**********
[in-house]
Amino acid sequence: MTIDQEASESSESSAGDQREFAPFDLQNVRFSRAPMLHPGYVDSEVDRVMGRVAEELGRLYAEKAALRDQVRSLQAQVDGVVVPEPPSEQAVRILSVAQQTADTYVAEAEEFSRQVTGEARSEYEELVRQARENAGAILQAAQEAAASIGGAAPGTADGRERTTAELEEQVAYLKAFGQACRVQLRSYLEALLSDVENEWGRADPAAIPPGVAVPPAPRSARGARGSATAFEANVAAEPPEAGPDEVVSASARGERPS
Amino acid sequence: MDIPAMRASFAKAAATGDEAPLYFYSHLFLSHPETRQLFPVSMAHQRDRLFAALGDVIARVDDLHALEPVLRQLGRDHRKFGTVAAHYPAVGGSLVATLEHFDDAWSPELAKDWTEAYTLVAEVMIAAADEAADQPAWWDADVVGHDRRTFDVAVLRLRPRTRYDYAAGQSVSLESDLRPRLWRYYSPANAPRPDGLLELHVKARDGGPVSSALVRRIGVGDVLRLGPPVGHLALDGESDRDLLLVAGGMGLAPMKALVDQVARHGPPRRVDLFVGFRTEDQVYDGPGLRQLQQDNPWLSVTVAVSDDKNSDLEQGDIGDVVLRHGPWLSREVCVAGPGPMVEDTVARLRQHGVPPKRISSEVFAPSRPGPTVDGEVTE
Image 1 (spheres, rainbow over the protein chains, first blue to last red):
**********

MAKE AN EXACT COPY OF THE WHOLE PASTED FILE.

[in-house]
Amino acid sequence: MTIDQEASESSESSAGDQREFAPFDLQNVRFSRAPMLHPGYVDSEVDRVMGRVAEELGRLYAEKAALRDQVRSLQAQVDGVVVPEPPSEQAVRILSVAQQTADTYVAEAEEFSRQVTGEARSEYEELVRQARENAGAILQAAQEAAASIGGAAPGTADGRERTTAELEEQVAYLKAFGQACRVQLRSYLEALLSDVENEWGRADPAAIPPGVAVPPAPRSARGARGSATAFEANVAAEPPEAGPDEVVSASARGERPS
Amino acid sequence: MDIPAMRASFAKAAATGDEAPLYFYSHLFLSHPETRQLFPVSMAHQRDRLFAALGDVIARVDDLHALEPVLRQLGRDHRKFGTVAAHYPAVGGSLVATLEHFDDAWSPELAKDWTEAYTLVAEVMIAAADEAADQPAWWDADVVGHDRRTFDVAVLRLRPRTRYDYAAGQSVSLESDLRPRLWRYYSPANAPRPDGLLELHVKARDGGPVSSALVRRIGVGDVLRLGPPVGHLALDGESDRDLLLVAGGMGLAPMKALVDQVARHGPPRRVDLFVGFRTEDQVYDGPGLRQLQQDNPWLSVTVAVSDDKNSDLEQGDIGDVVLRHGPWLSREVCVAGPGPMVEDTVARLRQHGVPPKRISSEVFAPSRPGPTVDGEVTE
Image 1 (spheres, rainbow over the protein chains, first blue to last red):